- AMC Entertainment Holdings is nearing a restructuring deal that would help it avoid declaring bankruptcy, according to The Wall Street Journal. The deal would require bondholders to provide a $200 million senior loan and swap their unsecured claims at a discount for new, second-lien debt. The movie theater chain plans to reopen 450 U.S. locations on July 30. Shares are 12% higher pre-market.
- Levi Strauss & Co (LEVI) shares fell 8.38% despite the company’s Q2 earnings beating expectations. The blue jeans pioneer warned of a weak H2 and is cutting its non-retail, non-manufacturing workforce by about 700 positions, or roughly 15%, which it expects will generate annualized savings of $100 million.
- 202 year-old clothier Brooks Brothers filed for bankruptcy today and announced dozens of store closures. The Chapter 11 bankruptcy filing in Delaware allows Brooks Brothers to keep operating while it works out a plan to turn the business around and pay its debts. The company listed assets and liabilities of at least $500 million each in court papers, and it lined up a $75 million bankruptcy loan from WHP Global, owner of the Joseph Abboud and Anne Klein brands, according to a statement.
They Don’t Know Either
One of the investing industry’s favorite games is to forecast the year-end targets for indexes. In normal years, those forecasts are all typically clustered in a tight range, since strategists are looking at mostly the same data. 2020 is not a normal year.
According to Sentiment Trader, the standard deviation for Wall Street strategists year-end price targets has never been wider, ever. As Sentiment Trader notes, “…What’s even more notable is that strategists aren’t giving the S&P much room to rally. On average, they have a year-end target of 2,998, about 2% below where the S&P is trading. That’s tied for the lowest-ever year-end target relative to where the S&P was trading at the end of June.”
Why We Have the Advantage
In crazy markets like this one, I am often reminded of the wise words of Barry Ritholtz, one of the original financial bloggers, and founder of his own RIA. “The biggest advantage of being a ‘retail’ small investor is you are NOT competing with any index. You are in charge of your time frame and money. You never have to short a stock and you don’t need to own a stock of a company you would not buy for your kids. Keep it simple.”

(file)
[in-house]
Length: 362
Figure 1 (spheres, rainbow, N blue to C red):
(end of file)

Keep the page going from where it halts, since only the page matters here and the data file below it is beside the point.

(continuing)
The Big Get Bigger, Tesla Edition
Continuing our theme of “The Big Stocks Get Bigger,” this week, we bring you Tesla. It has seen its market cap swell over 380% in just the past year as its faithful shareholders and many new ones have piled into the stock. Last week it became the largest automaker in the world by market cap even though its sales and profits are far smaller than its legacy competitors. (Zoom into the chart above.)
The giant tech stocks like Apple, Microsoft, and Amazon have also seen sizable increases in their market value, but when that already exceeds $1 trillion, it’s harder to see meaningful increases.
Gold has been the shiny object in capital markets all year, and the ETF crowd is really into it. Gold spot prices crossed the key $1,800 an ounce level for the first time today since 2011. Its all-time record of $1,921.17 was set in September of that year. The global net inflow into gold ETFs was $39.5 billion in the first half of this year, according to the World Gold Council. This already exceeds the record set for highest annual inflows set in 2016 ($23 billion).
As the price of gold rose 17% over the first half of the year, global gold ETF holdings (in tonnage terms) increased by 25%. Global daily trading volumes reached a record $233 billion per day in March and were at $156.9 billion per day in June, comfortably above the 2019 daily average of $145.7 billion. By the end of June, gold-backed ETFs held 3,620 tonnes of gold worth $206 billion.